Diana Clement: Break down your budget into easy chunks

OPINION:

We all know we need to budget. But it can feel like a chore unless you have a numbers nerd in the house.

For this reason, you might want to adopt one of several budgeting rules of thumb that make life simpler. Consider whether these tried and tested rules might work for you to break down your budget:

The 70:20:10 rule

Divvy your take-home pay (plus money already deducted for KiwiSaver) into three sums: 70 per cent for living expenses including your mortgage/rent, food, utilities, transport costs and other essentials; 20 per cent for savings, of which your KiwiSaver is part; and 10 per cent for consumer debt repayment. If your housing or other costs are very expensive you might jiggle those percentages to match your reality. Likewise, if you have no consumer debt to repay you could increase savings and investment or commit that 10 per cent to whatever makes you happy: holidays, hobbies or other discretionary spending. Proportional budgeting such as this is about what you value in your life.

The 50:30:20 rule

With this rule you split your take-home pay into 50 per cent for needs, 30 per cent for wants, and 20 per cent on savings and/or paying down debt. Again, the percentages can be juggled. With this rule be super vigilant about what constitutes needs versus wants. Just look at the wine/beer/non-alcoholic drinks and other luxuries in your supermarket trolley, which are wants not needs. Naval gaze. A great example is last week I bought some vanilla bean paste at $8.99, when really the $1.99 Hansells essence would have done the job. I blame Chelsea Winter and her Supergood cookbook for that excess. Consider separating your needs and wants categories at the checkout and paying separately even if just to keep yourself honest. I do this.

The three category rule

If you don’t have the time or inclination to track every cent, consider monitoring three problem spending categories. Mine would be coffee, lunches, and what-the-heck spending on holiday. Maybe you know you can do better on groceries, petrol and entertainment. Either give yourself a percentage for these, or a hard dollar figure and spell out what comes under each category. Once you have your categories sorted you could try to game yourself into spending less each week. That might be dropping by a certain number such as $2 or $10 every cycle. To track your categories you need to either buy everything on a card and monitor your statement, carrying a notebook with you, or giving yourself a sum of cash for each category. Is there someone you could compete or collaborate with on your journey? If three categories are too much, reduce it. Start with one or two categories.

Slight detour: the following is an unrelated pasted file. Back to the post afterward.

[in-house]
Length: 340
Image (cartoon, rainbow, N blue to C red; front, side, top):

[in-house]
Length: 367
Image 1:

Envelope budgeting

It’s psychologically harder to spend cash than pay on plastic. Withdraw your spending money at the beginning of the month in cash, split it into categories and put each sum in a separate envelope. Once the envelope is empty wait until your next pay period to spend again in that category. This method was especially popular in the days when people were paid in cash but can still be done. If your bank allows you multiple accounts for free, then you can use this method electronically. Many banks such as Kiwibank and Westpac have a feature where your pay can be split into multiple accounts as it comes in. This allows you to pay yourself first by putting your savings aside at the beginning of the month, which is another good personal finance rule. It stops you being tempted to spend that money.

Each and every one of us is at a different stage in life and our financial journey. Try not to compare with others or to be too hard on yourself. The important factor is having your own money under control and working for you. Setting up a realistic budget will help you achieve that goal.

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